Dan Tehan may well come to regret the timing of his swing through Europe to try and reignite interest in trade deals between Australia and the European Union and the United Kingdom. There has seldom been a week in April when the political agenda right across Europe is so full of events and crises of various shapes and sizes, demanding the attention of the European Commission, which has responsibility for trade in the 27 nation Union, and individual leaders.
Apart from meetings at Berlaymont, the Brussels headquarters of the European Commission, Tehan is scheduled to meet counterparts in Paris and Berlin. He will then fly to London to meet his opposite number, UK international trade secretary Liz Truss. There he will try to kick-start the talks on a UK-Australia trade agreement, stalled because of British concerns over Australian agricultural imports and animal welfare.
The most popular time for Australian ministers to visit Europe is June, a more relaxed month and the start of the summer social season, with many sporting and cultural events. In the United Kingdom, ministerial visits more often than not culminate with a trip to Royal Ascot, a night at Glyndebourne opera, and Centre Court tickets for Wimbledon. On this, his first significant overseas trip, Tehan will find his hosts on both sides of the Channel heavily distracted – not just by a third wave of COVID-19 (or the threat of it) but also mounting security threats from Russia, rising political uncertainty, faltering economies, the re-emergence of corruption and sleaze as a major issue, a united focus on reducing greenhouse gas emissions to zero by 2030 (not 2050) and a big brawl over football, Europe’s dominant sport. Within this maelstrom, there will be little time or inclination to discuss improved access for Australian agriculture.
Germany’s chancellor, Angela Merkel, is weighed down by anxieties about the massing of Russian troops and military hardware on the Ukrainian border, which already has NATO on high alert. Merkel is pondering cancellation of the Nordstrom 2 project, designed to bring critical gas supplies to Europe’s industrial powerhouse, but no easy or swift energy alternatives are available. On Monday came the added complication that the two Russian agents wanted by Interpol for the Novichok poisoning in Salisbury in 2019 were earlier involved in blowing up a Czech arms store, killing two people.
This week’s big event for Europe’s leaders will be president Joe Biden’s April 22 summit to rally support to combat climate change and reduce greenhouse gas emissions to zero by 2030. Biden’s initiative fulfills an election promise, to the very date he earmarked in last fall’s campaign. It has the strong support of the EU and the United Kingdom and is widely seen as a dress rehearsal for the United Nations COP26 climate change conference to be held in Glasgow in November, chaired by Boris Johnson who leads the G7 group of nations for the second half of this year . The importance of this week’s summit has been greatly enhanced by the agreement, announced on Monday, between China and the United States that they will work closely together on climate change, following the mission to Shanghai by Biden’s climate change secretary John Kerry. In a joint statement, the two sides committed to “concrete actions” to reduce global emissions in the 2020s.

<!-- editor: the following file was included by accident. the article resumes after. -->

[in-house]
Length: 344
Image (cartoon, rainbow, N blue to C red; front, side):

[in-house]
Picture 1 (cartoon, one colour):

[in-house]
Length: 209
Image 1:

The governing coalition in Canberra has been widely seen around the world as a laggard on climate change but, within hours of the Chinese-American announcement, Prime Minister Scott Morrison modified his position, sparing his trade minister some embarrassment as he does the rounds in Europe. Morrison, who will be one of the 40 leaders participating in Biden’s summit, told the Business Council of Australia that the adoption of new technologies would be the route whereby Australia achieved its emissions targets. Without being specific, he called it “the commercialization of lower emissions technology”. Australia, he said, would not achieve net zero emissions by taxing industry or “the cafes, dinner parties and wine bars of our cities”.
Morrison did not touch on some issues likely to be thrown at him at the April 22 summit. Biden is asking all countries to support his call for an end to subsidies of all fossil fuel production. The EU and the UK have already agreed that petrol and diesel vehicles should be phased out from 2030. Both are measures that Australia’s trade negotiators are likely to be pressed to accept.
It seems unlikely that Tehan will achieve much progress in Brussels. He has criticised as protectionism the Commission’s decision to withhold vaccines bound for Australia. While both the German and the French governments have been critical of Commission president Ursula von der Leyen’s slow rollout of the vaccines in the EU, officials in Berlin and Paris will stoutly defend her, and suggest Australia could have ramped up production itself.
In the UK, the Johnson government is facing no fewer than six significant public inquiries into the lobbying efforts of former prime minister David Cameron in support of the Australian financier Lex Greensill, and is heavily distracted.
In February, negotiations on a UK-Australia trade deal made some progress on peripheral matters, but access to the UK market for Australian beef remains a difficult issue. British farmers are already in revolt against the Conservative government for loss of income, and Britain’s trade negotiators are in overdrive, trying to sort out the mess created by Johnson’s promise that there would be no border down the Irish Sea between Britain and Northern Ireland; it is a lie that now threatens to bring back bloody conflict to the province.